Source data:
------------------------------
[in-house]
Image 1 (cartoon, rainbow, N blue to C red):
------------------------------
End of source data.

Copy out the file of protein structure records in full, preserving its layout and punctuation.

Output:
[in-house]
Image 1 (cartoon, rainbow, N blue to C red):